Can they keep the peace? There were renewed airstrikes in Syria’s largest city today as U.S. Secretary of State John Kerry arrived in Switzerland in a bid to revive negotiations. It’s unclear whether regime or Russian planes were the ones targeting several Aleppo neighborhoods, where hundreds have died in the fresh violence between rebels and Assad’s forces in recent days. The attacks are putting the U.N.-backed peace process on even shakier ground, and Kerry is hoping to get things back on track.
The Presidential Daily Brief
He sees a path forward … but does his party? The Vermont senator detailed his plan to become the Democratic nominee at a Washington news conference yesterday, admitting it’s “a tough road to climb.” Sanders predicts a contested convention even if he finishes with fewer votes than Hillary Clinton, since both need unpledged superdelegates. But OZY’s Nick Fouriezos says that’ll be a tough sell given that his campaign — which suffered a fundraising slump last month, perhaps signaling supporters’ dwindling faith — has often attacked those same party insiders.
They’re sick of being treated this way. All but three of Detroit’s 97 public schools are shut down today after teachers called in sick en masse upon finding out they won’t be paid for their work in the months of May and June. Steven Rhodes, interim manager for Detroit Public Schools, says the action wasn’t necessary and that the legislature will find a way to pay its teachers. Meanwhile, local educators are rallying today to determine how to move forward, given the school district’s $515 million in operating debt.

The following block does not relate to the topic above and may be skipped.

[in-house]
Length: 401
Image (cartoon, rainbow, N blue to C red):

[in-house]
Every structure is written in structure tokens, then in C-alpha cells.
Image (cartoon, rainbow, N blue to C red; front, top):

No deal. So say the oil-field service giants after tossing plans for a $28 billion union that had riled regulators concerned about the industry’s competition. The Texas rivals’ merger was facing opposition from the U.S. Justice Department, which argued that it could hurt many product lines, driving prices up and innovation down. Noting that they couldn’t find a solution that placated regulators — European anti-trust authorities also had concerns — Halliburton plans to pay a $3.5 billion breakup fee to Baker Hughes, an early condition that acknowledged anticipated regulatory challenges.
He’s not looking to cash in. But the Australian tech entrepreneur and computer scientist has reluctantly admitted that he created the digital currency, ending a years-long mystery. Prominent Bitcoin community members have confirmed it was Wright, who’s also provided technical proof he designed the virtual money. The 45-year-old, who’s cooperating with the Australian Taxation Office on another matter, says he hopes that this will end speculation over Nakamoto’s identity. “I don’t want money. I don’t want fame,” Wright said. “I just want to be left alone.”
First U.S.-to-Cuba cruise in decades docks in Havana. (CNN)
Violence during May Day march in Seattle injures five cops. (USA Today)
Puerto Rico set to default on $422 million debt payment. (NBC)
Trump accuses China of “raping” the United States. (BBC)
German media say U.S. is pressuring EU over TTIP trade deal. (DW)
Prince’s family heads to court over his estate. (ABC)